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Stocks Rise On China, Jobs Data, Dow Stock Upgrade

Stocks bolted out of the starting gate Friday on positive news from China and stronger-than-expected December payrolls data, and ahead of comments from the Federal Reserve chairman Jerome Powell.




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Chip stocks rallied at the open, as Dow Jones stock Intel (INTC) surged early on an analyst upgrade and price hike. Netflix (NFLX) staked out a big lead among rebounding FANG stocks. Alibaba Group Holding (BABA) and IPO Tencent Music (TME) led an early surge among China-based names.

The Nasdaq Composite was up 2.4% and climbing, as NetEase (NTES), Electronc Arts (EA) and Celgene (CELG) led the Nasdaq 100.

The Dow Jones industrial average and S&P 500 each strengthened their opening gains to 2%. Intel easily topped the Dow. Varian Medical (VAR), CF Industries (CF) and Electronic Arts jockeyed for the top slot among S&P 500 stocks.

Payrolls Data: December Hiring, Wage Gains Soar

The Labor Department reported 312,000 workers hired in December, up more than 77% from November’s 172,000 new hires, and far above forecasts for 180,000 new jobs. Hourly wages increased 3.2%, above expectations and the biggest increase since 2009. The unemployment rate also jumped, to 3.9% from 3.7%, as 839,000 workers voluntarily left their jobs during the month and began looking for other work.

The dollar surged and bonds dived, sending the 10-year yield up 7 basis points, to 2.62%.

Federal Reserve Chairman Jerome Powell is scheduled to participate in a panel discussion with former Fed chiefs Janet Yellen and Ben Bernanke in Atlanta at 10:15 a.m. ET.

Government Shutdown: Day 13

Maneuvering was underway in Washington, where the new Democratic leadership in the House passed a bill that would re-open government offices and fund Homeland Security operations for 30 days, while denying the $5 billion in border-wall funding demanded by the president. The bill, which Trump has pledged to veto if it does manage to pass the Senate, serves mainly to establish party-line postures. The shutdown of federal offices that has idled an estimated 800,000 workers is now in its 13th day.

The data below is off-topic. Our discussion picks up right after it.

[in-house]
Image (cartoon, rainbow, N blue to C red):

Dow Jones, Nasdaq: Rally Attempt Vs. Bear Market

A tough day of trading Thursday left the Dow Jones industrial average down 660 points, a stark reminder that the stock market remains in a correction, but is attempting to break that status with a rally attempt that began Dec. 26. Investors should be watching for a valid follow-through day, which would launch a new, confirmed uptrend.

The rally attempt remains in force so long as the major indexes do not undercut the correction’s prior lows. At the end of Thursday’s session, the Dow Jones industrial average was 4.3% above and the S&P 500 was 4.2% off their Dec. 26 lows. The Nasdaq ended Thursday 4.2% from its Dec. 24 low. Friday’s gain lifted the Nasdaq to less than 20% from a recent high, and technically out of bear market status.

Global Markets: Europe Picks Up China Rally

Stock market benchmarks in Hong Kong and Shanghai jumped more than 2% after positive services sector data, fiscal support from the central bank and as the country confirmed trade talks would begin Monday with the U.S. Japan opened from a week-long shutdown with Tokyo’s Nikkei 225 playing catch up to losses in the U.S. and diving 2.3%.

Europe’s stock market benchmarks picked up on the positive mood, both in China and the U.S., and traded sharply higher near midday. London’s FTSE 100 and the CAC-40 in Paris were up 1.2% apiece. Frankfurt’s DAX surged 1.6%.

Oil Prices: Set To Snap Losing Streak

Oil prices are on track toward powerful weekly gains, as production caps agreed to by Russia and the Organization of Petroleum Exporting Countries kicked in Jan. 1. Europe’s Brent crude traded up 2.5% on Friday, tracking toward a gain of more than 9% for the week — snapping a three-week decline with its best week since December 2016. West Texas Intermediate rose 2.4% early Friday, scrambling back above $48 a barrel and putting it ahead more than 6% for the week. WTI is also set to snap a three-week decline.

Stocks: Intel, Tencent Music, Netflix

Intel opened ahead 3.5% after Bank of America hiked the stock to buy, from neutral. The report called Intel a compelling large-cap name “levered to multiple secular advances — cloud, artificial intelligence, 5G, autonomous cars.” The note also lifted Intel’s price target to 60, from 52. The IBD 50 stock ended Thursday 23% below a June high, below both its 10- and 40-week moving averages in a possible long-term base pattern.

Tencent Music powered up1.9%, leading a list of China-based IPOs jumping in early trade. The Spotify-like streaming music service is trading below its mid-December IPO price, but working on a possible base.

Netflix climbed more than 4% ahead of the open and is tracking toward its first two-week advance since August. The FANG stock is a steep 36% below its June peak. But put it back above its 10-week moving average, which had acted as  line of resistance since October.

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